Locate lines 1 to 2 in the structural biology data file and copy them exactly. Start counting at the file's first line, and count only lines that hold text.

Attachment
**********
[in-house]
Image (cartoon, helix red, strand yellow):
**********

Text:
[in-house]
Image (cartoon, helix red, strand yellow):